As previously reported at the 2015 ASCO Annual Meeting, 77 percent of evaluable patients achieved RECIST responses and six achieved stable disease for an overall clinical benefit rate of 100 percent. Greater tumor size reductions were observed among those patients who received doses of tarextumab at or above 12.5 mg/kg.
The updated survival data from the Phase 1b PINNACLE study were recently presented by Anne Chiang, M.D., Ph.D., of the Yale School of Medicine, during the 16th Annual Targeted Therapies of Lung Cancer Meeting.
OncoMed is conducting the PINNACLE Phase 1b/2 clinical trial of tarextumab for the treatment of small cell lung cancer. The randomized Phase 2 trial is comparing progression-free survival (PFS) outcomes for patients treated with tarextumab administered at 15 mg/kg every three weeks in combination with etoposide and cisplatin or carboplatin versus patients who receive placebo plus chemotherapy. Additionally, PFS will be assessed using a predictive biomarker for high tumor Notch3 expression. Secondary endpoints for the Phase 2 study include overall survival, overall response rate, pharmacokinetics, safety and other biomarkers. The PINNACLE study is being conducted at about 40 sites in the U.S. and is expected to enroll approximately 130 patients. Results from the Phase 2 PINNACLE trial are anticipated in early 2017.
Patients interested in participating in the tarextumab small cell lung cancer study may learn more by calling 1-866-914-7347 or emailing firstname.lastname@example.org.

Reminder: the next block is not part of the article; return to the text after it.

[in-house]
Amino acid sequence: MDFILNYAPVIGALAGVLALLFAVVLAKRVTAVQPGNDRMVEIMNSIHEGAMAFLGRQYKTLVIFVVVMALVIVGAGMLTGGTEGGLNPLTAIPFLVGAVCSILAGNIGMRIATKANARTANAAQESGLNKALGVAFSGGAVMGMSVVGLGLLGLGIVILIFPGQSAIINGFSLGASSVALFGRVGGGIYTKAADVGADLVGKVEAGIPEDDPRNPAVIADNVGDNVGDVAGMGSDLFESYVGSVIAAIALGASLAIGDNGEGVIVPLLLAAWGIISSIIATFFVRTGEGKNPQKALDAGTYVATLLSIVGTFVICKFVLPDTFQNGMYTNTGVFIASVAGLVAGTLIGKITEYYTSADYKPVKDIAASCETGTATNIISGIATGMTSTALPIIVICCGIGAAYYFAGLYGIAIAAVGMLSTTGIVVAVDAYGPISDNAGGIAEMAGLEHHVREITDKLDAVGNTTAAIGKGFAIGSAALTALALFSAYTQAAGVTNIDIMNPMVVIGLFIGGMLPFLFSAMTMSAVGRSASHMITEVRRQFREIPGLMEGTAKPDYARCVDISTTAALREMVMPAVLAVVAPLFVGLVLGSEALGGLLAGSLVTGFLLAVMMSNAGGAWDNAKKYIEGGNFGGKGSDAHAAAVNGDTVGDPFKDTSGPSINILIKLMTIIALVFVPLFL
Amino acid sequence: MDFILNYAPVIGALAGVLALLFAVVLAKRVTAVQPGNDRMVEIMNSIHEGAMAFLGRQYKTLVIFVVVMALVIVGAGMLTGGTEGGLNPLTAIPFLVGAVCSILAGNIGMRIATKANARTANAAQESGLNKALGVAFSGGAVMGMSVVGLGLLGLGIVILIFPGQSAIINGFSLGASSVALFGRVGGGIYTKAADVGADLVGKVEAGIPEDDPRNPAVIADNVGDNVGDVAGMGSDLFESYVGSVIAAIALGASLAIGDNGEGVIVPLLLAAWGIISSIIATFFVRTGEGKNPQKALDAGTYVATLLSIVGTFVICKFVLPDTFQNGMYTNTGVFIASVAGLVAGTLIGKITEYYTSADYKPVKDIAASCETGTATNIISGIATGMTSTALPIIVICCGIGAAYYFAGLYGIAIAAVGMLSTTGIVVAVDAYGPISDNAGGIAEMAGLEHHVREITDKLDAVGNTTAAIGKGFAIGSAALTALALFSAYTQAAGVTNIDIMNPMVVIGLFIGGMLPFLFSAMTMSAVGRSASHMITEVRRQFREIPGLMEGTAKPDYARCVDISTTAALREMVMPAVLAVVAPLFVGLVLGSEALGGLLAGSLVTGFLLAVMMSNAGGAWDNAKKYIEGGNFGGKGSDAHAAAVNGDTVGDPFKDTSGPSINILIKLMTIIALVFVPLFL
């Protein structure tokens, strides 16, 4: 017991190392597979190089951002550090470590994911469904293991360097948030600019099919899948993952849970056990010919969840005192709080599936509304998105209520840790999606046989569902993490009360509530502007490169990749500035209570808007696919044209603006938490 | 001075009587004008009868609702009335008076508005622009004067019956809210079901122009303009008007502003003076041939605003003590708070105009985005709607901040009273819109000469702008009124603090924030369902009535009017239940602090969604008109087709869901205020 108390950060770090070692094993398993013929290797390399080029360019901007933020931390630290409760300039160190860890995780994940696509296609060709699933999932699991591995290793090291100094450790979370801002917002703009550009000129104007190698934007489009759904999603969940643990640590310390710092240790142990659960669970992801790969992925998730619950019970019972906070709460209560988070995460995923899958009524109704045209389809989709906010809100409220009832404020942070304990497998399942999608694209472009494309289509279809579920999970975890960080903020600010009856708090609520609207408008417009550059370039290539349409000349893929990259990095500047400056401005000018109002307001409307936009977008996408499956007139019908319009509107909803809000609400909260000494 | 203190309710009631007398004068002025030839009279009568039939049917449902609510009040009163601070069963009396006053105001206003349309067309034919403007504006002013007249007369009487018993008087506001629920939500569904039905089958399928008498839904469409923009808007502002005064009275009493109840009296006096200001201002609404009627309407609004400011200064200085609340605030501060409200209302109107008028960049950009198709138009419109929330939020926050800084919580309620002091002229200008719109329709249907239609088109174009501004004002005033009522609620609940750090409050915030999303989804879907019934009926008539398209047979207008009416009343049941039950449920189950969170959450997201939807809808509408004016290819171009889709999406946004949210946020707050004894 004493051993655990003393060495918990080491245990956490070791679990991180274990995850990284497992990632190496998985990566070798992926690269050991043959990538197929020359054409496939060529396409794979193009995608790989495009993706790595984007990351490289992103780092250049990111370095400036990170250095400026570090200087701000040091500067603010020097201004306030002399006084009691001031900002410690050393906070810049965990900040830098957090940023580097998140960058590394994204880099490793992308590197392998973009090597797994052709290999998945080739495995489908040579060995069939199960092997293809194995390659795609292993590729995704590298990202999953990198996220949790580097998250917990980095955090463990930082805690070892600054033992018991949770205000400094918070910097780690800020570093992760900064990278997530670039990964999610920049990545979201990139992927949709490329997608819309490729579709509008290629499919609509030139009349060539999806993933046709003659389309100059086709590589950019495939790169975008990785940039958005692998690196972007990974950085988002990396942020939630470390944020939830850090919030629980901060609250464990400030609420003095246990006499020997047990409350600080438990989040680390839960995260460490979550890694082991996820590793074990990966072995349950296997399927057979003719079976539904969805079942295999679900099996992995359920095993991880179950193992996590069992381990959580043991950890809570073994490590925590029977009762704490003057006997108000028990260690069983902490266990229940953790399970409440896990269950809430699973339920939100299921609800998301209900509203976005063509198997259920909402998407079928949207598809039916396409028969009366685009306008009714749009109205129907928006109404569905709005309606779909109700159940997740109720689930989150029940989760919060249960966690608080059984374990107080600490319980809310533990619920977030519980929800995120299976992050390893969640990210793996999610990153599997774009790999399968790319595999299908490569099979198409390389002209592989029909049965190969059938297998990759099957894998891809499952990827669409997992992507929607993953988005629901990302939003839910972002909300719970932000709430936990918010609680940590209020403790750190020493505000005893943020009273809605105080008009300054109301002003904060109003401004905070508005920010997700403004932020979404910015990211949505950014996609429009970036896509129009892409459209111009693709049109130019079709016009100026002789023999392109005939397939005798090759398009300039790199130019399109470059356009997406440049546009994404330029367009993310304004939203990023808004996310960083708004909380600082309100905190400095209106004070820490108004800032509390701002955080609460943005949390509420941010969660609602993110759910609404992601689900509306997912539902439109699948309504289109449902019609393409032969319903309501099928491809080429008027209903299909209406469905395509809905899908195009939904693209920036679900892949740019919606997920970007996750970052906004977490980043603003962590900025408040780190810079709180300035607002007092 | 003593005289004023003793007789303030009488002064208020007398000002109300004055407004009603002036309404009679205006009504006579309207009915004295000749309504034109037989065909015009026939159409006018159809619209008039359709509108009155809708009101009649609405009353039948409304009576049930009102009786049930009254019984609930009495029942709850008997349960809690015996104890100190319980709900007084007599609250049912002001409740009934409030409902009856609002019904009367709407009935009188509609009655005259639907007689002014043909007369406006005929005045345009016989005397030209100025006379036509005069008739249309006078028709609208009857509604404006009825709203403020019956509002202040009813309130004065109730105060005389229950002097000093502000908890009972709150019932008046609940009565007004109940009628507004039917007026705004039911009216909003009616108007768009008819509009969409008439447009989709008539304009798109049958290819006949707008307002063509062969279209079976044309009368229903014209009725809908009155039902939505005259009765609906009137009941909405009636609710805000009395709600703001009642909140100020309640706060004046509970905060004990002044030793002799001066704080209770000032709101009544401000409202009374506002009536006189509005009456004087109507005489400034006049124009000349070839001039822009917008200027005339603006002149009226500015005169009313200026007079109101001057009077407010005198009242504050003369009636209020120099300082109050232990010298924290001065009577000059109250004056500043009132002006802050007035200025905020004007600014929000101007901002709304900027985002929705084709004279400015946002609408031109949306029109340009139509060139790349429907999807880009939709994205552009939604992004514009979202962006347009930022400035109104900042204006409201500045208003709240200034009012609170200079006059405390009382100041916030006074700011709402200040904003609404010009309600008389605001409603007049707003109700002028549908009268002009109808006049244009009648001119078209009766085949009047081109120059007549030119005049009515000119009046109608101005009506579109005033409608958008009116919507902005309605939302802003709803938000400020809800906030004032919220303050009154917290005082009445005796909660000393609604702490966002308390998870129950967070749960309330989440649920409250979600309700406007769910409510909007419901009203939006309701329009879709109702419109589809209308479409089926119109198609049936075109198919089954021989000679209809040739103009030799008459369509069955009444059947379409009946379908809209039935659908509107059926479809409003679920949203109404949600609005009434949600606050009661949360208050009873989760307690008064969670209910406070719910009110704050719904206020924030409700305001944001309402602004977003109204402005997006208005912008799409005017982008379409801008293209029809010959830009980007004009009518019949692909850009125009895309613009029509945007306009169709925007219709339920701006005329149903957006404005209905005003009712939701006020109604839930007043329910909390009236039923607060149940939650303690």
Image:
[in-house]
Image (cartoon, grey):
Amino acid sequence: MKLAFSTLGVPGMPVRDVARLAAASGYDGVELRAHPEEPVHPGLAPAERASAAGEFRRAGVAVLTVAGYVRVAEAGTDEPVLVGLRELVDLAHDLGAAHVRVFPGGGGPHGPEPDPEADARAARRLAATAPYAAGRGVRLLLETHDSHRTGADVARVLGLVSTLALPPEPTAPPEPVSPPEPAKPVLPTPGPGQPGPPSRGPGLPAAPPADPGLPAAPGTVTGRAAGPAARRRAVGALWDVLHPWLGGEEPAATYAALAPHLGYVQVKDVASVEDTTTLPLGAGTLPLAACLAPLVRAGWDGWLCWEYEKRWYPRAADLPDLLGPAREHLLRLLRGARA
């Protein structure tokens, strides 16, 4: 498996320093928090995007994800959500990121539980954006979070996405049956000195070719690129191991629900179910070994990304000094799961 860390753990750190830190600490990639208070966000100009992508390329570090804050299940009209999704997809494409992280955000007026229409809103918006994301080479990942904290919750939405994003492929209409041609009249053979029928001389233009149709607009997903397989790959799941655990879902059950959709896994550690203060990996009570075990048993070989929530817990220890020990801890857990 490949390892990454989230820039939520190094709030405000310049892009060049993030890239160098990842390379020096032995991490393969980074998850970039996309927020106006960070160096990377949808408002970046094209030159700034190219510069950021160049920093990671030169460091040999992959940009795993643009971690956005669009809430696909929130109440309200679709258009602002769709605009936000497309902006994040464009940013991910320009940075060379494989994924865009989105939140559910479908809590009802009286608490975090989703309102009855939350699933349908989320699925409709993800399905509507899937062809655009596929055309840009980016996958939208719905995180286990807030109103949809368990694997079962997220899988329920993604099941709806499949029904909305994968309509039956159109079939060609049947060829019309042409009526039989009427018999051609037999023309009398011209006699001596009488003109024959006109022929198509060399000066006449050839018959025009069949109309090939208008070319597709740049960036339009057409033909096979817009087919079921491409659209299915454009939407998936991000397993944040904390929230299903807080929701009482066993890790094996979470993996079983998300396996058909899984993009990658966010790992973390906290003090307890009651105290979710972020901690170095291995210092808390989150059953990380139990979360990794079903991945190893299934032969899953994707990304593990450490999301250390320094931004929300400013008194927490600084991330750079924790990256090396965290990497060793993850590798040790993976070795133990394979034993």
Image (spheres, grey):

According to the American Cancer Society, lung cancer (both small cell and non-small cell) is the second most common cancer in men and women and is by far the leading cause of cancer death. Small cell lung cancer is expected to make up about 10-15 percent of the 221,200 newly diagnosed lung cancer cases and the 158,040 deaths estimated to occur in the U.S. in 2015. SCLC tends to grow and spread quickly, and is typically not discovered until it has metastasized to other parts of the body (extensive stage). The current standard of care in treating small cell lung cancer is the chemotherapeutic etoposide in combination with either cisplatin or carboplatin (platinum therapy). In spite of a high sensitivity to chemotherapy and remission rates of up to 80 percent following initial treatment, the median overall survival is six-twelve months for patients with extensive stage disease.